Country of Origin
Reviewer: Marja & Henk
Financial Interests: click here
Sources: PS Audio PWT; Dr. Feickert Blackbird MKII/DFA 1o5/Zu DL-103; Takumi TT Level 2.1 [in for review]; Holbo Air Bearing Turntable System [in for review]
DAC: Mytek Brooklyn; T+A DAC8 [loaner]
Streaming sources: Devialet AIR; La Rosita Beta; Qobuz Desktop, Tidal Desktop; Sound Galleries SGM 2015 [loaner]; Mytek Brooklyn Bridge [in for review]
Preamp/integrated/power: Audio Note Meishu with WE 300B (or AVVT, JJ, KR Audio 300B output tubes); dual Devialet D-Premier; PTP Audio Blok 20; Hypex Ncore 1200 based monoblocks; Trafomatic Kaivalya; Trafomatic Reference One; Trafomatic Reference Phono One; Music First Passive Magnetic; Gold Note PH-10 phono pre amp with PSU-10 external power supply [in for review]; SPEC RPA-MG1000 [in for review]
Speakers: Avantgarde Acoustic Duo Omega; Arcadian Audio Pnoe; Podium Sound One; WLM Sub 12; Sounddeco Alpha F3; dual Zu Submisson MKI; Soltanus Virtuoso ESL; Audio Alto AA LA17 [in for review]
Cables: complete loom of ASI LiveLine cables; full loom of Crystal Cable cables; full loom of Nanotec Golden Strada; Audiomica Pearl Consequence interconnect; Audiomica Pebble Consequence
Power line conditioning: PS Audio Powerplant Premier; PS Audio Humbuster III; IsoTek Evo 3 Syncro; AudioMica Allbit Consequence
Equipment racks: Solid Tech and ASI amplifier and TT shelf
Indispensable accessories: Furutech DeMag; ClearAudio Double Matrix; Franc Audio Ceramic Disc Classic; Shakti Stones; Kemp polarity checker; Akiko Audio Corelli,Costello and Phono Booster; Pink Faun LAN Isolator
Online music purveyors: qobuz.com, tidal.com, bandcamp.com, amazon.co.uk
Room treatment: Acoustic System International resonators, sugar cubes, diffusers
Room size: ca. 14.50 x 7.50m with a ceiling height of 3.50m, brick walls, wooden flooring upstairs, ca 7 x 5m with a ceiling height of 3.50m, brick walls and concrete floor downstairs
Price of review item: €6'500 excluding cartridge; ca. €1'900 for Benz Micro Ruby Open Air 2 but no longer available
Our love of vinyl has grown steadily over the past few years, from 'nice to have' to nowadays 'almost mandatory' – and this despite the ever more prolific digital sources at our disposal. Think drawers filled with literally thousands of CDs and a wide range of streaming sources. Whilst writing this, we could stream from the Internet to two Devialet Premier and a La Rosita Beta via WiFi. Sound Gallery's SGM 2015 was hardwired and ran HQPlayer to further enhance incoming hi-res tracks before handing ovrt signal to a T+A DAC8. The new kid on this block was Mytek's Brooklyn Bridge, a Jack-of-all-trades phono stage, preamp, DAC and streamer with wired and wireless inputs. We could run things from the Roon interface/middleware or from the MControl app. Web-based streaming sources included Tidal and Qobuz, both with the higher resolution albums and tracks preferred. Convenience was the buzz word du jour.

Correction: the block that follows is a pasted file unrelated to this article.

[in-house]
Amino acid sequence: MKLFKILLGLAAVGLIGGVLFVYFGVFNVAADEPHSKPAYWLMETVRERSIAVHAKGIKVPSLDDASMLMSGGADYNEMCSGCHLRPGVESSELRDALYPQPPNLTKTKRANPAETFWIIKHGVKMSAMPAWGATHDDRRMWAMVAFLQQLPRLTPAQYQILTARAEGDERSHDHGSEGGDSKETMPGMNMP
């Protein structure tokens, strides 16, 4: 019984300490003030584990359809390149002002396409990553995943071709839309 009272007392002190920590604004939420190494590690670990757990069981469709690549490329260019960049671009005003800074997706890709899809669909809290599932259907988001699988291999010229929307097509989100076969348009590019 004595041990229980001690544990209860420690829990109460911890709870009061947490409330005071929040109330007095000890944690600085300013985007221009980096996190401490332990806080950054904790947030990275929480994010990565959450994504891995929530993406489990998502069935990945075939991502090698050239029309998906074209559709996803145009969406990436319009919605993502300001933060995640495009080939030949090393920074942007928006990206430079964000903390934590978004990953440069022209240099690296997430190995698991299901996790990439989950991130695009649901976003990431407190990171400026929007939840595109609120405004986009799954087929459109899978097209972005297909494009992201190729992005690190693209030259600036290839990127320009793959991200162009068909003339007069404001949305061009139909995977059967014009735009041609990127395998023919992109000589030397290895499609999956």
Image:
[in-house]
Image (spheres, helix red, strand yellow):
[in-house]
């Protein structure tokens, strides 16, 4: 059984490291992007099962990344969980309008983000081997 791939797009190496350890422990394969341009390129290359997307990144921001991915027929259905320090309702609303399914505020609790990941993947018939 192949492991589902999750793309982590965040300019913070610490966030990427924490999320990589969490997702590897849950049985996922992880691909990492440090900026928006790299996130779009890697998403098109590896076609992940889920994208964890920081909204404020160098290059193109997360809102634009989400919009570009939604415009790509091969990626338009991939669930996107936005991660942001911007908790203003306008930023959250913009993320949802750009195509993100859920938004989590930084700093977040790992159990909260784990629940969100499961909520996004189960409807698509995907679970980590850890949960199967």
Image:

So why then our love for vinyl when convenience there is virtually non-existent? Well, it sounds so damn good for starters and secondly, the whole analog approach is so satisfying. What gets you more endorphins: a click on a website's 'order' button followed by a few taps to make the Paypal payment; or the trip to a record store which offers new and more importantly, vintage vinyl? To make the analog analogy complete, you pay with cash, not plastic. Then the acquired treasure comes home with you and the playing fun begins.
Every analog recording sounds different due to endless factors like which studio did it, what were the microphones, cables, amplifiers, mixers, sound engineers, mastering decisions, vinyl pressing and perhaps even the phase of the 6th moon. Digital recordings are often made using the same standard software, workstation and processes to sound like any other. The song is different but the sound the same. Auto tune, anyone?
The newly acquired vinyl record now becomes the input to a complex chain of electronics which all reflect the owners' tastes. With a CD player, integrated amp and speaker setup, there is less room for personalization beyond budget. In a serious analog setup even on a budget, personalization is the main ingredient. Simple setups can be very satisfying. Here the cartridge sets the tone which needn't break the bank. We recall our review of the Takumi turntable with two different cartridges where a budget-friendly MM cartridge can do excellent for pop and rock.
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